each other, and the different rel
lions they bore to each oilier. Th,
thc Democratic party stood like
vessel, her anchor cast, and hi
sails furled, ready to stand ar
storm or cyclone of party faction
That Cleveland was elected as
Democrat, but in heart a Republ
can towards the South. The R
form party had been charged wit
breaking up and destroying tl
Democratic party, but that it ha
done more to re-establish the ol
Jeffersonian Democratic principle
than any movement since the wa
The next business in order wi
the reading of an essay by Cap
L. Charlton on the origin, histor;
and present condition of the Den
ocratic party in the United State
His essay was well written an
delivered and showed great r<
search, which was much appr<
ciated by all those who were prei
ent. This essay was ordered prml
ed by a resolution of tho meetin
in the Edgefield ADVERTISER an
the Columbia Register.
The next in order on the prc
pram me was the reading of a piec
selected by our well-known am
honored fellow townsman D. E
Durisoe, Esq., who read . a para
phrase on "Jim Bludsoe." It wa
well received by the audience an?
showed the patriotic fires tha
have always burned in his bi?
heart, and arc still unquenched.
This the first of the series o
monthly meetings of thc club wai
a decided success, and the club, i
continued on the same lino as bc
gun, will do more to enlighten anc
enlarge the political views anc
ideas of the people of Edgefielc
than anything that has beer
started for y ears. Being novel anc
a little out of the ordinary run ol
political club meetings, it maj
take a little time for the people tc
take hold of it, but you need only
attend one meeting to be convinced
that success is written on the ban
ner cf the Edgefield Democratic:
Club, and that the club is here tc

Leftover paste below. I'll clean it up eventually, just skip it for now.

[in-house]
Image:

stay, not for one day but for years
The orator for the next meeting
is N. G. Evans, Esq.; Essayist.
JohnB. Dav's; Select .reading, W,
H. Ouzts. No doubt a rare treat
will be in store for those who at
tend the next meeting. Let every
I For the ADVKKTISKK.
The Parksvillc High School to be
Made a Graded School-A
Pleasant and S nudest i ve
Letter from 3Ir.
MR. EDITOR: I am just in from
a ti ip to Texas and there arc many
things which might bo mentioned
in connection therewith which
might be of interest, but I will not
ask space in your paper for them
at this time. I will only say that
as the trustees of tho Parksville
school an- thinking seriously of
making our school a "graded
school," I made it a point to en
quire particularly and specially
into school matters and thc man
age mern of them while in Texas.
1 suppose Texas has the largest
and best school fund of any of the
States. She has enough public
school money, I suppose, to grad
uate all her children, and that too
without taxing the people lo get it.
How does she gel it? you ask. She
acted very wisely and with a great
deal of foresight when she was ad
mitted into the Union, by reserv
ing every alternate section (about
OJO acres) of public lands for
school purposes, so that while she
has sold a great deal of this land
and put tho money' into interest
bearing bonds until they hare
money sufficient both to pay tui
tion and build good school houses
wherever they are needed, they
still have a great deal of this pub
lic land m reserve.
1 stopped over a few days in
Xavasota and attended the closing
exercises of Ibo graded school at
that place in order to be prepared
lo render some better service to
our own school and community.
We hope to set on foot a plan
for our school, that by the opening
of thc next session, we may have
tho grades so arranged that the
children may go up from grado to
He will listen to you," Zech. 7:11
13, W. J. Faulkner.
Aug. 5th-"Sow bountifully,"
Keel, ll :l-6, Janies T. Mims.
Aug. 19th-"Abstain from all
appearance of evil," 1 These. 5:22,
E. G. Talbert, Sr.
Sept. 2nd-"Swear not," Matt.
5:34,13. F. Glan ton, Jr.
Sept. 16th-"Walk in the light,"
John 1:7, M. A. Mims.
Representative Oates, of Ala
bama, who.lost an arm as a Con
federate officer, was recalling his
knowledge of Col. Bob Wheat, of
the famous "Louisiana Tigers,"
says the St. Louis Post-Dispatch.
"They were well named," re
marked Col. Oates, "'Wheat was
educated for the Episcopal minis
try, but he was a born soldier. He
was in the Crimean war, was
with Lopez, was with Walker in
Nicaragua, and came home just as
our war broke out. Pie landed at
New Orleans and raised his Tigers
along the wharves and wherever he
could get desperate men.
"Some of them ho obtained in
prison, getting their pardon on con
dition they would join him. On